The difference signal from 16e is added to the difference signal from 16f in an addition circuit 118 and the output of addition circuit 118, after adjustment in phase and amplitude in a PMC optimization means 28d, is combined with the sum output of hybrid amplifier 16e in an addition circuit 120. The output of addition circuit 120 is a signal that is synchronized in time and phase with the sum output of hybrid amplifier 16f. Clutter may be cancelled by subtracting the two synchronized signals at 122.
It should be apparent that the simultaneous scanning and platform-motion compensation technique of the present invention is applicable to higher-order cancellers. N overlapping main sub-arrays may be formed (where N is the number of pulses to be cancelled) and an auxiliary sub-array formed for each main sub-array. The main sub-array and the auxiliary sub-arrays are combined in the manner of FIG. 12 to provide N-1 cancelled signals such as shown at 122. Each two consecutive of the N-1 cancelled signals are applied as inputs to a two-pulse canceller with platform-motion compensation. This two-pulse cancellation process is repeated until a single signal is available at the system output.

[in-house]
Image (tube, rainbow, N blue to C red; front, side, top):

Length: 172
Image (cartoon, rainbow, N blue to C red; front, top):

As previously mentioned in connection with the discussion of the technique for platform-motion compensation only, space limitations can cause an unacceptable penalty in antenna gain if N main sub-arrays and N auxiliary sub-arrays are used to form N-pulse canceller. Consequently an alternative technique, combining the N-pulse platform-motion compensation technique of FIG. 5 and the simultaneous platform and scanning-motion compensation technique of FIG. 12, is presented.
Referring now to FIG. 13, there is shown a block diagram of a system which provides simultaneous platform-and scanning-motion compensation over N pulses. Antenna 104a includes two main sub-arrays 100a and 102a and two auxiliary sub-arrays 106a and 108a, and is identical with the antenna 104 of FIG. 13. After the phase and amplitude of the auxiliary sub-arrays are adjusted in SMC optimization means 76c and 76d, the output of each sub-array is fed to a correction signal generator 124 which produces a correction signal Cps. The outputs of the main sub-arrays 100a and 102a are also fed to an addition circuit 126 which produces the sum of the two main sub-array signals.